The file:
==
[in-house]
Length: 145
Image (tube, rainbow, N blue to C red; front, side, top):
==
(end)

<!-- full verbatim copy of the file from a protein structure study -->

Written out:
[in-house]
Length: 145
Image (tube, rainbow, N blue to C red; front, side, top):